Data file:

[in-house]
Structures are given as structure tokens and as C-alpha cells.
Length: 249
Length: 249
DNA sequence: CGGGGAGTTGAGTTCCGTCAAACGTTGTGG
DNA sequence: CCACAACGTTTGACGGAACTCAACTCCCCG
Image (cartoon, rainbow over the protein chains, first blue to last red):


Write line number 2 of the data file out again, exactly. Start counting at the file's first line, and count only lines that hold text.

Structures are given as structure tokens and as C-alpha cells.